Loss of cultural song diversity and the convergence of songs in a declining Hawaiian forest bird community | Royal Society Open Science

The effects of population decline on culturally transmitted behaviours in animals have rarely been described, but may have major implications to population viability. Learned vocal signals in birds are of critical importance to behaviours associated with reproduction, intrasexual interactions and group cohesion, and the complexity of vocal signals such as song can serve as an honest signal of an individual’s quality as well as the viability of a population. In this study, we examined how rapid population declines recently experienced by Hawaiian honeycreepers on the island of Kaua‘i (USA) may have influenced the diversity, complexity and similarity of learned honeycreeper songs.

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Wow, Spain Sure Has a Lot of Pigs

There are now enough pigs in Spain that technically everyone could have one, and there’d be pigs to spare. Per the Guardian, Spanish environmental ministry figures reveal that the country now has 50 million oinking piggies, which is about 3.5 million more than the number of humans. That’s the first recorded time the nation has had more pigs than people.

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A Zombie Gene Protects Elephants From Cancer | Quanta Magazine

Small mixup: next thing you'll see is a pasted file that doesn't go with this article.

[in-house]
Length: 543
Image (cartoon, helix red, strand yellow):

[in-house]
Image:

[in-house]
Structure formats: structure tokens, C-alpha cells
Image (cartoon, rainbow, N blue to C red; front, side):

Elephants did not evolve to become huge animals until after they turned a bit of genetic junk into a unique defense against inevitable tumors.

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Parrotfish Have Been Caught ‘Farming’ Coral Reefs – Atlas Obscura

Octopus gardens get all the attention from songwriters, but maybe it’s time someone wrote a ditty about parrotfish algae farms. According to new research, the fascinating fish—also responsible for pooping out Hawaii’s white-sand beaches—actually “farms” its food in coral reefs.

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Business Travel Got You Down? Rent a Goldfish to Keep You Company – Atlas Obscura

A number of hotels have begun offering in-room fish-for-rent service. The latest to join the admittedly modest trend is the Van der Valk Hotel Charleroi Airport in Brussels, where a photo of one of the room companions—just €3.50 per night—recently took off on social media.

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How the demand for sand is killing rivers – BBC News

Demand for sand in Kenya is driving the illegal sand harvesting industry, causing loss of ecosystems and even deaths.

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Ancient whales were predators not gentle giants

Ancient whales had extremely sharp predator teeth similar to lions, Australian scientists said Wednesday in a discovery they believe debunks theories the mammals used their teeth to filter feed like today’s gentle giants.

There are two major groups of whales—toothed creatures such as killer whales, and baleen, which filter plankton and small fish from the ocean for food with special bristle-like structures in their mouths.

Using 3D scanners, Museums Victoria and Monash University palaeontologists made digital teeth models of fossil baleen whales and today’s mammals from specimen collections around the world.

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Britain’s seabird colonies face catastrophe as warming waters disrupt their food supply | Environment | The Guardian

Populations of gannets, puffins and other marine birds are in freefall, but a crucial scientific study to pinpoint the causes is being blocked, say experts

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